Transcripts

Logan Doorstop 21/01/20

January 21, 2020

E&OE TRANSCRIPT
DOORSTOP INTERVIEW
LOGAN
TUESDAY, 21 JANUARY 2020

SUBJECTS: Business investment; climate change policies; fires, the economy and the Budget; sports rorts.

JIM CHALMERS, SHADOW TREASURER: Today, the Australian Industry Group backed Labor's calls for an incentive for business investment as part of a responsible, proportionate and measured effort to get this floundering economy moving again. Labor took to the election a policy of this kind, and in the last six or eight months as the economy has deteriorated we've been calling for the Government to pick up and run with a version of Labor's investment guarantee to try and address business investment which is flagging and which is at three-decade lows. Scott Morrison and Josh Frydenberg don't have a plan for business investment and they don't have a plan for the economy, which has been floundering badly for some time now and well before the fires hit.
 
Employers know that something needs to be done here and they know that Australians are paying a very hefty price for the inaction and incompetence of Josh Frydenberg and Scott Morrison when it comes to the economy. So Labor calls on the Government to pick up and run with these calls today from the business community and implement a version of Labor's investment guarantee so that we can try and get business investment moving again in an economy which desperately needs it, with business investment at three-decade lows.
 
Business investment has actually declined by a fifth since the Liberals and Nationals took office in 2013, and it's now at the lowest levels it's been since the early 1990s Recession. Business investment is weak because Morrison and Frydenberg don't have a plan for the economy; because the Australian people don't have confidence in their economic leadership; and because the Liberals and Nationals are too divided and too extreme to settle a real policy for cheaper and cleaner energy and to get emissions down in this economy.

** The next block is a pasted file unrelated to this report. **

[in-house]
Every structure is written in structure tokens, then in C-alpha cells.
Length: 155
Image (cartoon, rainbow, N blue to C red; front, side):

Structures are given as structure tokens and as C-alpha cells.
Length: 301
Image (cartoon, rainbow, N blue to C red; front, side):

In recent days businesses, investors, economists, central banks, respected institutions like the IMF and the Labor Party have all shown that they understand something that Scott Morrison does not, and that is that climate change is a real risk to the economy and to financial security; that cleaner and cheaper energy is key to a new generation of competitiveness, growth, prosperity and job creation; and that failing to act is riskier than acting responsibly.
 
We've seen some of the consequences of that inaction over the past few weeks when it comes to these fires, which have ravaged so many parts of our country. The fires will have a substantial impact on the economy and they'll have an impact on the Budget. But we shouldn't forget that the economy was already floundering and confidence was already flagging well before these fires started over this summer. We shouldn't let the Morrison Government use these fires as an excuse for more than six years now of inaction, incompetence and ineptitude when it comes to management of the Australian economy.
 
Five weeks ago, Josh Frydenberg said that the surplus for this year would be five billion dollars. It remains to be seen whether the very worthy tasks of relief and reconstruction, it remains to be seen how much those worthy tasks of relief and reconstruction will eat into that surplus. But we support absolutely action being taken to support local communities, businesses, families and our emergency services.
 
We've said for some time now and I say again today, the priority here when it comes to the Budget needs to be supporting fire affected communities, families, businesses and the emergency services. That is the highest priority for the Government. We will support measures that the Government brings forward and properly implements to support those Australians who have been impacted by these fires.
 
Now, the surplus is a test that Josh Frydenberg set for himself. It's a standard that Josh Frydenberg asked to be applied to his economic management and it remains to be seen whether he will meet that test. We won't know that until sometime later in the year.
 
One more issue before I take your questions, and that's reports that Christian Porter has been asked to investigate the inappropriate actions of Bridget McKenzie in this sports rorts scandal. Only a Prime Minister so lacking in integrity would think it was appropriate for one of Bridget Mackenzie's own cabinet colleagues to investigate whether she's done the wrong thing here, when the audit office has already concluded that she spectacularly failed to uphold even the most basic standards as she went about allocating this one hundred million dollars overwhelmingly to the Government's political prospects. This will make Australians more suspicious that Scott Morrison and his office and some of his senior colleagues are into this scandal up to their necks.
 
JOURNALIST: [Inaudible]